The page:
For individual yoga practitioners, the local yoga studio can be a sanctuary. It’s a place to shed shoes, cell phones and personas and discover new ways of being human. It’s a place to revitalize and re-inspire.
For yoga studio owners and managers, it may be a sanctuary, but it’s mostly a business. That doesn’t mean they necessarily see themselves as cut-throat competitors or soon-to-be moguls, but they have to come up with the rent or mortgage money every month. Their fundamental responsibility is to keep the studio alive and well, in other words: in business.
Alive and well is not just about the finances, but it ultimately comes down to finances. You could have a beautiful, nurturing space with excellent teachers, and a dedicated core of practitioners, but if the studio doesn’t bring in more dollars than it spends, pretty soon the studio doors will close and that amazing doorway within each practitioner will be compromised. Teachers, students, clothing manufacturers, authors, musicians – no one wants that!
At the Yoga Journal San Francisco Conference
some time ago, a panel of studio owners and managers gathered to talk frankly about the visions and realities of keeping the lights on in the shakti building. The participants were: Tim Dale, co-owner of Yoga Tree
studios in San Francisco; Joan Barnes, founder of YogaStudio Mill Valley which sold to YogaWorks
; Rob Wrubel, co-founder of YogaWorks in Los Angeles; Cyndi Lee, owner of Om Yoga Center
in Manhattan; and Linda Sparrow, former manager of San Francisco Bay Club
’s yoga program.
For all of them, their personal experience with yoga was the critical factor that drew them into the business. Tim, a restaurant owner, envisioned a community space to practice and meet like-minded people. As yoga grew, Yoga Tree grew – adding studios across town, and then teacher training and more.
Rob came from the entrepreneurial world of high-tech, and focused on quality and supporting excellent teachers. Joan came to yoga in recovery from her success as founder of Gymboree and aimed for a “high-touch” approach that creates a resort-like atmosphere for yoga practice. Cyndi arrived from professional dance, and took a highly organic approach to teaching yoga and creating a studio. With funding from students and friends, she started small and stuck to her heart’s intention. Her mission was and is to offer the best yoga as possible to as many people as possible, to create community with uniform training and approach, and to provide a real livelihood for teachers. “Business is the opposite of what I thought. It’s incredibly creative.” At the Bay Club, Linda sought to create a space where highly trained teachers felt honored – with mentoring, continuing education, etc. – as well as a sense of safety and joy for the students.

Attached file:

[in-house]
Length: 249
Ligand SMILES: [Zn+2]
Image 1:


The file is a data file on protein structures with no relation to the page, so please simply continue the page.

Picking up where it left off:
The panel facilitator asked the panelists to consider why $27 million is being spent on yoga every year in the United States. The answers were not surprising to anyone who has experienced the benefits of yoga. Tim pointed out that people often come looking for exercise and discover mindfulness and new ways to experience community. Linda agreed that people find they can get a great workout and feel really good inside, too. She saw “people looking for something more – a way to integrate the disparate things that are going on in their lives.” Joan sees it as one yogi inspiring another, enticing new practitioners with their presence.
Rob noted the focus on heart disease thirty five years ago or so which spurred an explosion of health and fitness clubs. “Now the whole notion of what it means to lead a healthy life is much bigger, a deeper sense of well-being.” Still, new practitioners can be intimidated by Sanskrit, powerful teachers, advanced yogis and challenging classes. Cyndi responded that her focus as a teacher is, “How can I help people connect to yoga?” She aims to make the studios and the practice welcoming and to take yoga out into the world.
When discussing yoga business
success, the subject of teachers came up again and again. Linda said, “The success of our business depends on the health of our teachers – their physical, mental and spiritual health.” All of the panelists talked about the importance of attracting, training and supporting outstanding teachers. That only makes sense. No matter how beautiful the space, how convenient the location or how affordable the pricing, a studio without good teaching is not going to last.
Naturally, the question of competition among studios arose. Given that all the panelists are located in yoga-saturated communities – San Francisco, Los Angeles and Manhattan – all seemed to have given the subject significant thought. Tim articulated the case for cooperation, with a mindset that there’s plenty to go around. He said it’s the studio owners’ job to feel the abundance and embody that, and to find ways to create a bigger pie. He noted opportunities to work together, such as workers’ compensation. Linda added that there are opportunities to share resources and to develop specialties. Joan pointed out that publicity about one studio serves all the studios by publicizing yoga. Similarly, she considers gyms to be business-builders for yoga studios, not threats.
Getting down to the plain hard facts, Rob observed that yoga is a difficult business to make a lot of money in. Having looked at a lot of studios’ financials, he believes it’s especially difficult as a single stand-alone studio. Not surprising, YogaWorks owns over twenty studios in the Los Angeles area. As the owner of seven studios in the Bay Area, Tim advocated a lean and mean approach and a “get real” philosophy. Joan summed up the hard-won wisdom of the panelists when she said, “It’s all about execution. The idea is the easy part.”